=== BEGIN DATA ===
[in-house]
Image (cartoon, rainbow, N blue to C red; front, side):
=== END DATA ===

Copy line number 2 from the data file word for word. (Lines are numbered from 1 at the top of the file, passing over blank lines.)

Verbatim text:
Image (cartoon, rainbow, N blue to C red; front, side):